Nuno Martins

Funding Agency

National Science Foundation




This is a three-year, $390K NSF collaborative research cyber-physical systems grant.

A sudden surge in demand in traffic networks disrupts the equilibrium conditions upon which these networks are planned and operated. Lack of understanding of the population's strategic choices under extreme demand may result in paradoxical outcomes, such as evacuations aiming to save lives instead resulting in mass casualties on the road or opening up of new roads increasing rather than decreasing travel time. This project will devise systems and procedures for managing the strategic choices of populations (e.g., whether to evacuate or shelter in place, which escape routes to take) and the actions of the authorities (e.g., which zones to evacuate and in which sequence, where to route the traffic, whether to close some roads or open extra lanes in a given direction). The tools resulting from this project will enable better response systems to assist local authorities in managing extreme demand, such as when entire counties have to be evacuated to protect the residents from a wildfire. The project will develop a modeling and simulation tool chain to predict traffic bottleneck locations and their severity together with expected travel times and delays, thus determining the spectrum of outcomes, identifying worst cases, and enabling the authorities to make informed decisions.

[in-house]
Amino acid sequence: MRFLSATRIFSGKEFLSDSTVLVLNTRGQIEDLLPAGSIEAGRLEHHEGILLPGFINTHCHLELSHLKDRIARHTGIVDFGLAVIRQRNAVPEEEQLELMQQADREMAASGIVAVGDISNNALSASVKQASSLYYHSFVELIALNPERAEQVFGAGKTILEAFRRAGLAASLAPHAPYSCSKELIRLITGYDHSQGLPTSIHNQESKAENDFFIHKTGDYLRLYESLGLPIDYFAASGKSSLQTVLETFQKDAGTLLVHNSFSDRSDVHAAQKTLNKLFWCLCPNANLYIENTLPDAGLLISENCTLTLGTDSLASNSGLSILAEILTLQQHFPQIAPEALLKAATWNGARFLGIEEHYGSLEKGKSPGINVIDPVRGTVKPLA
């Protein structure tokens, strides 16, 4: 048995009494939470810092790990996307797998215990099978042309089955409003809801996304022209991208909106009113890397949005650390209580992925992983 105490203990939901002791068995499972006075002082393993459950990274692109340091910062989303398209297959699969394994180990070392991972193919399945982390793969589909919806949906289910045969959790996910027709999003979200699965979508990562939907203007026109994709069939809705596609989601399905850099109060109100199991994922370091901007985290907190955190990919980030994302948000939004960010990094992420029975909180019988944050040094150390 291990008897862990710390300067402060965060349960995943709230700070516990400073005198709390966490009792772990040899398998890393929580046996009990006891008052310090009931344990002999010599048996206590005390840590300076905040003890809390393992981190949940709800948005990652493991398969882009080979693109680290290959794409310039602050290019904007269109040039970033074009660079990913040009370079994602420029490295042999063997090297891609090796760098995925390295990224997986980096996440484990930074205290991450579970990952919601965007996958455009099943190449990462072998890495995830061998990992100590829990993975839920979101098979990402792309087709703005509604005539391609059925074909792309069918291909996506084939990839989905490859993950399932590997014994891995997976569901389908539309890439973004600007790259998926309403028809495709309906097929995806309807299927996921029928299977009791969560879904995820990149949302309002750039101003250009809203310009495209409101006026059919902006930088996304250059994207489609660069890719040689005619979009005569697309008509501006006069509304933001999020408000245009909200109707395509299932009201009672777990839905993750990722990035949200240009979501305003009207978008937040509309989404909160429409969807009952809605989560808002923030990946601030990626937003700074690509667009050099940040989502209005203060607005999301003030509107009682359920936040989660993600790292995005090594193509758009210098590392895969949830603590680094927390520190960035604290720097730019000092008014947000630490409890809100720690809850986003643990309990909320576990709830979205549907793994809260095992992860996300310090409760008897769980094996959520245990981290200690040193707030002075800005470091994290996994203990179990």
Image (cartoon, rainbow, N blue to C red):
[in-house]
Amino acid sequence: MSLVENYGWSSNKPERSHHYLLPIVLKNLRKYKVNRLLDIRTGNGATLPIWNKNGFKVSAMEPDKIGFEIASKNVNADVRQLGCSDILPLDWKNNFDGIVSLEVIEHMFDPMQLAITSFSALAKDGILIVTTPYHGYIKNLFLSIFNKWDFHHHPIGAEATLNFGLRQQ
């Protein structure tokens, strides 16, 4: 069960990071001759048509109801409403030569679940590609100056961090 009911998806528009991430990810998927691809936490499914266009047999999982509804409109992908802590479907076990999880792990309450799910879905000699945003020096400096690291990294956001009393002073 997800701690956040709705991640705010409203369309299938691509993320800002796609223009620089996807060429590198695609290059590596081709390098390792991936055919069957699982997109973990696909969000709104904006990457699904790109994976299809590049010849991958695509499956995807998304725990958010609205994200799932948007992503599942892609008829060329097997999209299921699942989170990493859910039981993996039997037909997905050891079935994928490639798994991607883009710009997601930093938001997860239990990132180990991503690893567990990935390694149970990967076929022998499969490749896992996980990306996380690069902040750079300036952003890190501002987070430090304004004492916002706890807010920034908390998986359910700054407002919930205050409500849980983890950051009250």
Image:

The technical approach is rooted in population games, which model the dynamics of strategic noncooperative interactions among large populations of agents competing for resources. The project, however, will depart from the equilibrium focus of the existing theory and will offer transient analysis tools that account for not only the strategy revisions of the agents, but also a host of cyber and physical dynamics, such as queueing dynamics in traffic flow, responsive signal control at intersections, information dissemination to agents, and evolution of hazards, such as fire propagation. The research tasks to enable the project's vision of a "cyber-physical population game theory" include characterizing transient behavior with system-theoretic methods, accounting for uncertainty in strategy revision models, extending the theory to a continuum of user preferences, rethinking the stochastic processes underlying the dynamical models, modifying the theory for short-term horizons for time-critical operations, learning dynamical models from data, and formulating extensive form games between a population and a single agent, motivated by the population response to evacuation orders. In addition, the project will identify control actions (such as responsive signal policies, road closures, disabling certain turns) to close the data-decision-action loop and steer the dynamics towards desirable outcomes and avoiding unsafe ones.